Mauritania's former military leader has won election as president. Opposition candidates are rejecting the results of a vote meant to return the country to constitutional rule.
Supporters of General Mohamed Ould Abdel Aziz celebrated his victory, driving through the capital, hanging out of cars and waving campaign posters.
Final results from Mauritania's electoral commission show Aziz winning more than half the vote, making him president without a second round of balloting in which his main political opponents had vowed to unite against him.
With more than 64 percent of the electorate turning out for Saturday's vote, Interior Minister Mohamed Ould Rzeidzim says Aziz won more than 52 percent of the vote.
National Assembly President Messaoud Ould Boulkheir finished second with more than 16 percent. Former Central Bank Governor Ahmed Ould Daddah was third with less than 14 percent.
In a victory speech at a downtown hotel, Aziz said he is now the president of all Mauritanians.
The man who claims credit for two military coups said democratic elections are now the only way someone should come to power in Mauritania. Aziz congratulated voters for a peaceful election, and said they must work to resolve the political crisis and improve living conditions in the country.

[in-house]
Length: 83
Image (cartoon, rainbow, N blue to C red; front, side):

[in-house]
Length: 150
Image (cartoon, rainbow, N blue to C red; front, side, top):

Aziz toppled Mauritanian's first freely-elected leader 11 months ago. He agreed to postpone an earlier vote in exchange for a power-sharing deal that saw his political opponents drop their electoral boycott to take part in Saturday's vote.
Boulkheir and Daddah joined fellow opposition candidates Ely Ould Mohamed Vall and Hamadi Ould Meimou in denouncing what they call an "electoral coup d'etat."
They want the international community to investigate what they say were voting irregularities including counting opposition ballots for Aziz.
But Interior Minister Rzeidzim, who was appointed as part of that power-sharing deal, said he has received no information that would lead him to question the vote.
Arab electoral observers say they did see irregularities, including partisan electoral officials and security forces inside polling stations. But a preliminary report from the Arab Democracy Foundation says those irregularities did not affect the election.
Aziz says that if his opponents have any complaints about the vote, they should go to the Interior Minister and the nation's Constitutional Council.
This is a big win for Aziz as Boulkheir and Daddah had pledged to support each other in a potential run-off against him.